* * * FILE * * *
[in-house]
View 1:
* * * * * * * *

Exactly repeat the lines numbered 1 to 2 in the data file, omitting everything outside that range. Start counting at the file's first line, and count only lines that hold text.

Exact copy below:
[in-house]
View 1: